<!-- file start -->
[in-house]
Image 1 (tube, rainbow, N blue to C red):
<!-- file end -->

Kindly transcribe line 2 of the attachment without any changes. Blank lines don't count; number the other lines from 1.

Image 1 (tube, rainbow, N blue to C red):